“As Gregor Samsa awoke one morning from uneasy dreams, he found himself transformed in his bed into a gigantic insect-like creature.” ~~Franz Kafka (The Metamorphosis)
The human condition is absurd.
Ten hours into 2014, I’d broken the only resolution I made: to give no advice. I shrugged with an “okay, nobody takes it anyway.” Even when they ask for it.
He’d cyber’d, “Thanks for encouraging me to_________ “ It doesn’t matter who or what I advised. Only that after this expression of gratitude for my advice, advice he took briefly, he then detoured, hurting people, throwing pain into a world already submerged in it, adding insult to insult, injury to injury.
Later, opening email, I saw a name in my inbox. At first nothing registered. Suddenly, it did. Because I’d opened the OTHER side of the story. There’s always more than one side—he said/she said, you know. Witnessing the butterfly effect, I imagined someone’s pulling the wings off fragilities. The man who’d thanked me for encouraging him had become a microcosm of Empire, like US foreign policy in its self-fulfilling prophesy.
(As Missy Beattie awoke one morning from uneasy dreams, she found herself transformed in her bed into a gigantic insect-like creature.)
I made a new resolution. I will stop climbing the walls in anxiety. When I feel the familiar alert, the change in heart rate, the hyperhidrosis, I’ll visualize a STOP sign, a popup—to remind me of absurdities.
Two-thirds of the Sisterhood drove to St. Simons today. Laura and Erma loaded their Lesbaru with the cats, cat carriers, workout equipment, groceries, suitcases, beach chairs, computers, and myriad other STUFF. This leaves me to work the resolution alone. Okay, Laura NEVER worries. Laura will not wake up, transformed in her bed into a gigantic insect-like creature. Erma’s on my angst-card.
All these years, my anxiety has been productive—yes, producing acid that scalds my esophagus, which led me to take a proton pump inhibitor (PPI) for over 10 years to check said production. Little did I know the PPI was depleting my body of vitamin B-12, and perhaps contributing to depression, nerve damage, and dementia. Those who take a PPI for more than two years are at risk. Earlier findings linking PPIs to bone fractures and impaired vascular health are enormously alarming, and so is this latest research.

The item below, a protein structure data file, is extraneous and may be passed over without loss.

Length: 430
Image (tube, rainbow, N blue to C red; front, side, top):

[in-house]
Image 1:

PPIs are big business, one of the largest classes of drugs sold in the US with sales in the billions. Drug companies may minimize or dismiss the findings about their use. Those who take these medications must weigh the benefits against the risks—really, a prudent measure for any decision.
Some months ago I met friends for lunch in DC. One is Charles’s former colleague, a physician and scientist. Another researcher joined us. When they discussed drug trials, I asked about the length of these studies. My friend’s colleague said he’s interested in long-term follow-up observation. He gave the example of a drug that was removed from the market because those using it had increased risk of strokes and heart attacks. And then he said that a significant number of people who took this drug now have Alzheimer’s. Obviously, short clinical trials can’t test for effects that occur years later. (Hmm, now there’s a connection, circling back to giving advice, taking it, or not. Advice one gives or takes in the short term may have unexpected consequences years later.)
When Charles was sick, I Googled Parkinsonism etiology and found that research supports both genetic and environmental factors. Later, someone mentioned my husband’s exposure, as an anesthesiologist,
to anesthetic agents. I dismissed this, thinking that more anesthesiologists would have Parkinson’s. Wouldn’t this link be established? I don’t know. I considered many things, his hobby before we met, photography development. The chemicals necessary. And that he operated the nuclear reactor at New York University. So many variables.
We want to find something, some cause, that we can limit contact with or avoid. I say to my children. “Don’t eat that meat with all those antibiotics and Mad Cow prions.” I’ve inflicted my don’ts on them so many times they no longer take me seriously.
Some of us die worse than others. I’d like to exit this place without a diagnosis of dementia. Certainly, I prefer not to be Frankenmammal, a neurologically impaired byproduct of pharmacology. It’s that I have these rules, a plan—about end of life choices, the right to choose time and place. We cling to life though, even when it isn’t really living. Is this innate? I don’t know. I just hope I have the courage someday to say, “I love you, goodbye.” Before I’m a burden. My children are funny. If I read this to them, they’d say, “You’re a burden now.”
Missy Beattie has written for National Public Radio and Nashville Life Magazine. She was an instructor of memoirs writing at Johns Hopkins’ Osher Lifelong Learning Institute in Baltimore. Email: firstname.lastname@example.org.